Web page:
Several hundred people in Eugene continued to peacefully protest police brutality Tuesday, chanting the name of George Floyd, a Black man who was killed by a Minneapolis police officer last week.
Protesters gathered near Whole Foods and Wayne L. Morse Federal Courthouse at 5 p.m. and chanted “Black Lives Matter” and “George Floyd” as passing cars honked in support.
Shannon O’Shea, a protester who’s lived in Eugene for three years, said that her partner, who is half-Jamaican and half-white, moved out of Eugene because of harassment from police.
“Once it actually is personal and it’s someone you really care about, it kind of changes things because there’s a lot of people in the movement that haven’t experienced police brutality and haven’t seen it first hand,” she said. “But once you see it first hand, and you experience it, it completely changes your entire view.”
This is the fifth day of protests in Eugene. Thousands of people peacefully marched on Sunday from the courthouse to Alton Baker Park. The organizers of Sunday’s protest, siblings Spencer Smith and Madeliene Smith, attended Tuesday’s protest as well.
“My sister and I joked after the protest we were burnt out because we have probably slept 20 hours in six days. We’ve got no sleep, we’ve just grinded. We were stressed, we weren’t eating, we weren’t sleeping, we weren’t seeing friends, we were just grinding the entire time,” Spencer Smith said.
Spencer said that his approach to change is through advocating for change through the legislature and at local institutions like the University of Oregon or the Eugene Police Department. Both Madeliene and Spencer disapproved of the looting that happened on Friday night, saying that the violence and destruction was performative activism of activists who are not people of color and who are there to show up for social media.
“It’s a lot of performative activism at the hands of, sorry to say, white people, because I’ve seen a lot of my brothers and sisters out there trying to get people to stop,” Madeliene said.
On Tuesday, Instagram users across the country posted pictures of a black square as a part of a social media blackout, which both Smiths described as performative activism.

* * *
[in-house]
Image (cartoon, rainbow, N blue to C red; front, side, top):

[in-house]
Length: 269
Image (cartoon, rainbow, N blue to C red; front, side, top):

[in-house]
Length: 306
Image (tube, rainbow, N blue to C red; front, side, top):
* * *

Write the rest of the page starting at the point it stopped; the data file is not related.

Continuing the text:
“That doesn’t do shit. I’m gonna say it straight up,” Madeliene said.
“Donate. Listen to us. Listen to people of color,” Spencer said.
But Spencer said the momentum from Sunday has not died down, joking that he and his sister were planning to take a break after the protest, but more messages kept coming in on Sunday.
“Everyone kept asking us: ‘What do we want to do next?’ ‘What are you guys going to do? Are you doing one next weekend?’ ‘Can we donate?’ ‘Where should we donate?’ ‘Where can we call?’”
The Smiths created their own community organization on Facebook called the Black Led Action Coalition.
The group of protesters, growing in size, marched down the sidewalk and made its way to the Lane County Circuit Court, filling the plaza. Protesters circled around in the courtyard just outside the courthouse on the corner of 8th and Oak Street to allow crowd members the chance to address the group.
University of Oregon student Kent Swift stepped into the middle of the plaza to talk about how grateful he was for the support of non-Black people of color and white protesters during this time of violence toward young Black men like him.
He said his mom didn’t want him to come out to the protest because she thought he might be targeted by police. “I'm one of the few Black people here, so you know, I might stand out more than others and understand that fear but I want to take that risk if it means you know doing what’s right,” Swift said in an interview with the Emerald.
Protesters made their way past the Lane County prison, through Kesey Square, where volunteers passed out water, snacks and “tear gas kits” before making their way back to the federal courthouse.
After chanting the names of people of color who were killed by police, protesters sat in silence for nine minutes — the amount of time a Minneapolis police officer kneeled on Floyd’s neck, which killed him. The only interruptions were the occasional car horns, barks of dogs or laughs of the small child across the street holding his own mini “one love” sign.
“Time for change,” one sign read.
“End police brutality.”
“A man was lynched.”
“Injustice anywhere is still injustice everywhere.”
“Black Lives Matter.”
A number of other protesters came up in front of the crowd of protesters perched on the courthouse steps to say a few words, including Tre Stewart, a popular protest live- streamer. “I just quit my job to do this every day,” Stewart said, before adding that protesters should continue to be respectful to the police so they can continue to peacefully protest every day.
One of the speakers said toward the end of the group’s time at the courthouse that she was worried this movement would die out after this week or the next. “Please do not forget about us,” she pleaded with her white counterparts.